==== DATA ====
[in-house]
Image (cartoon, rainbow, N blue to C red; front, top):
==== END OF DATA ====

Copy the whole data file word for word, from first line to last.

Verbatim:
[in-house]
Image (cartoon, rainbow, N blue to C red; front, top):